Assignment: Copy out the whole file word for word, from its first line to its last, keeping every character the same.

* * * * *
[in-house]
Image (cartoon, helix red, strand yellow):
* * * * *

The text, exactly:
[in-house]
Image (cartoon, helix red, strand yellow):